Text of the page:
Vice officers hired minors to buy beer from at least 17 Salt Lake businesses in about four hours Saturday, then cited all of the clerks.
Police even cited a clerk at a state liquor store."Definitely, it's a big problem. It's something that we're very concerned about," said Salt Lake Police Lt. Steve Chapman, who heads the city's vice squad.
Police hired minors to attempt to purchase beer as part of a vice operation Saturday evening. Thirteen convenience stores, two grocery stores, a truck stop and a state liquor store each sold beer or other alcohol to the underage decoys without asking for any identification.
"The problem is a lot of these store owners don't care who they sell alcohol to," Chapman said. "We don't want them selling beer to kids."
The lieutenant insists the officers did not hire decoys who look older than 21 in an effort to trick store employees. "The decoys don't look at all like they should be buying beer unless you're blind or something," he said.
City prosecutor Cheryl Luke said decoys are not allowed to have beards, and photos are taken of the decoys to use in court. "These are 18- and 19-year-olds who definitely look 18 or 19," she said.
If asked for identification, the decoys are required to say they have none. They also are required to give their correct date of birth if a clerk asks.
The employees cited Saturday were all ordered to appear in court on charges of selling alcohol to a minor, a class B misdemeanor. The maximum penalty is up to $1,000 and/or six months in jail. Most judges suspend jail time and fine first-time offenders between $75 and $150, Luke said.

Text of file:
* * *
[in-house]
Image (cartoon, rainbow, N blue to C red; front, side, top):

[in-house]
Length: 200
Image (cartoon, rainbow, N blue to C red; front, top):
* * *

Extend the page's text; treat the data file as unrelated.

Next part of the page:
"It's a little above a traffic citation, but that's basically it," said Chapman.
If a store continues to sell beer to minors, however, vice officers will seek to have the store owner's beer license revoked.
Some stores will terminate any employee that sells beer to a minor, however, because they don't want to lose the lucrative license.
Luke said she prosecutes on the average of 10 to 15 such citations every week. She said word gets out among store owners and Salt Lake City seems to have less of a problem than other cities because of the vice squad's efforts.
In one of Saturday's busts, a 19-year-old decoy purchased a bottle of a mixed alcoholic drink from a clerk at the Utah State Liquor Store at 416 E. Fifth Ave. Police said the drink is 10 percent alcohol made with tequila.